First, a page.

Stay tuned to a local radio or television station. Local authorities will provide specific information and instructions. The advice given will depend on the nature of the emergency, how quickly it is evolving, and how much radiation, if any, is likely to be released.
Be aware that local instructions should take precedence over any advice given on national broadcasts or in books.
Review the public information materials you received from the power company or government officials.
Evacuate if you are advised to do so.

Close and lock doors and windows.
Keep car windows and vents closed; use re-circulating air.
• Listen to a local radio station for evacuation routes and other instructions.
• Keep your pets with you and take them with you if you evacuate. You will not be allowed to return for them until local authorities say that it is safe to return. See “Evacuation, Sheltering, and Post-disaster Safety” for important details.

If you are not advised to evacuate, remain indoors.

Shelter livestock and give them stored feed, if time permits.
Bring pets indoors with you.
Close doors and windows.
Turn off the air conditioner, ventilation fans, furnace, and other air intakes.
Go to a basement or other underground area if possible.
Keep a battery-powered radio with you at all times.
Use the telephone only to report life-threatening emergencies. Lines will be needed for emergency calls.
Wash uncovered food before eating it.

If you suspect you have come into contact with radioactive particles:

Take a thorough shower.
Change your clothes and shoes.
Put exposed clothing in a plastic bag.
Seal the bag and place it outside.
If you suspect that your pets have also come into contact with radioactive materials, shower with your pet if at all possible. If you shower first and then deal with your pet, you may re-contaminate yourself. Be sure to lather fur and rinse thoroughly. Afterward, keep direct control of your pet to control what it contacts.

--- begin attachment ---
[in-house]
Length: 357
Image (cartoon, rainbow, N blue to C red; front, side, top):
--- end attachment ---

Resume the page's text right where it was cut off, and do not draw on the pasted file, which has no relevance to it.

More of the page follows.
What to Do After a Nuclear Power Plant Emergency

• Stay where you are until local officials say otherwise.
• Get medical treatment for unusual symptoms.

If you were told to evacuate, do not return home until local authorities say it is safe.
If you were advised to stay in your home, do not go outside until local authorities say it is safe.
Get medical treatment for any unusual symptoms, like nausea, that may be related to radiation exposure.
Until local authorities say it is safe, do not return home or, if you are sheltering at home, do not allow your pets to go outdoors for any reason.

Facts and Fiction
People exposed to radiation “glow” with radioactivity.
Facts: Radioactive material can burn the human body, but exposed people do not become radioactive themselves. Radiation never causes a person to “glow.”


Initial development of this guide was made possible by a grant from the Home Safety Council, a 501(c)(3) nonprofit organization dedicated to helping prevent the nearly 21 million medical visits
that occur on average each year from unintentional injuries in the home. Through national programs and partners across America, the Home Safety Council works to educate and empower families to take actions that help keep them safe in and around their homes. This guide is the product of the hard work and collaboration of many professionals affiliated with the organizations partnering with the American Red Cross, which represents the expertise and commitment of the following organizations:

American Geological InstituteDisability Preparedness CenterHome Safety CouncilThe Humane Society of the United StatesInstitute for Business & Home SafetyInternational Association of Emergency ManagersNational Fire Protection AssociationNational Interagency Fire CouncilNational SafeKids CampaignNational Science FoundationU.S. Consumer Product Safety CommissionU.S. Department of Agriculture -Cooperative State Research, Education, and Extension Service -Extension Disaster Education Network -Food Safety and Inspection ServiceU.S. Department of Commerce - NOAA/National Weather ServiceU.S. Department of Health and Human Services - Centers for Disease Control and Prevention - Food and Drug AdministrationU.S. Department of Homeland Security -Federal Emergency Management Agency -U.S. Fire AdministrationU.S. Department of Interior - U.S. Geological Survey
From: Talking About Disaster: Guide for Standard Messages. Washington, D.C., 2007.

Html Copyright The Disaster Center 2012